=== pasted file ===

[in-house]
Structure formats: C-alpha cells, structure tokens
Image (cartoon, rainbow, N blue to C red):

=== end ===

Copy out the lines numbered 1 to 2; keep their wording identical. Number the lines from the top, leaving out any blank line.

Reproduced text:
[in-house]
Structure formats: C-alpha cells, structure tokens